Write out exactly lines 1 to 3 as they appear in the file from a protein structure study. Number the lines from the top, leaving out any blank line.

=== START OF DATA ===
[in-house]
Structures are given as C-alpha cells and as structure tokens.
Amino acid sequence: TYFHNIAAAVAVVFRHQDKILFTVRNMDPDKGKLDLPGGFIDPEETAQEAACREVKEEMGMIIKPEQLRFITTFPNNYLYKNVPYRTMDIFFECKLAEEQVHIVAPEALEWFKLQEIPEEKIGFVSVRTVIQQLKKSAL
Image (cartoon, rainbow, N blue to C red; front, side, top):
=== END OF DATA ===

[in-house]
Structures are given as C-alpha cells and as structure tokens.
Amino acid sequence: TYFHNIAAAVAVVFRHQDKILFTVRNMDPDKGKLDLPGGFIDPEETAQEAACREVKEEMGMIIKPEQLRFITTFPNNYLYKNVPYRTMDIFFECKLAEEQVHIVAPEALEWFKLQEIPEEKIGFVSVRTVIQQLKKSAL